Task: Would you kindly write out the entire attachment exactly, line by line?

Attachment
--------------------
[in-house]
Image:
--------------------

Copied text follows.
[in-house]
Image: